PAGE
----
Federal officials will monitor 38 Oakland schools charged with suspending too many black male students, reports the San Francisco Chronicle.
Almost 20 percent of the district’s African American males were suspended at least once last year, six times the rate of white boys.
In middle school, 1 out of every 3 black boys was suspended at least once.
The board approved a five-year plan that includes mentoring, teacher training, parent education and programs to address the impact of trauma and community violence on student behavior. In addition, the plan calls for “restorative justice” as an alternative to suspension. Students, parents and school officials meet to encourage “the offender taking responsibility and making amends.”
The district already has an Office of African-American Male Achievement, which has created programs such as a daily after-school “manhood development” class at Edna Brewer Middle School for 24 black males.
As the boys built drums out of wood and tape, their instructor, who goes only by Jahi, described the benefit of working with the boys, giving them help with their homework and encouragement to focus on school and their futures.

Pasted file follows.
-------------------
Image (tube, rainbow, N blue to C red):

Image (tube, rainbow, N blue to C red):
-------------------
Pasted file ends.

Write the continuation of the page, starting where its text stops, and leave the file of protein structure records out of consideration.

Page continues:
“We try to create this culture of success,” he said. “We can’t change what’s happening outside in the world.”
Eighth-grader William Bolanos, 13, said he’d had some trouble in the past at school, with a few suspensions on his record.
But that won’t happen this year, with help from Jahi’s class.
“It just shows you how to be a man, a leader, a big brother to people,” he said. “I’m just going to try to get honor roll this year.”
Brewer Middle, a relatively high-scoring school, is 34 percent Asian, 31 percent black, 16 percent Latino and 13 percent white. And, no, the district doesn’t have a special office for any other racial or ethnic group.
Implementing the plan — including “comprehensive and frequent documentation to prove compliance with the federal Civil Rights Act of 1964” — will cost the district “millions,” according to the Chronicle.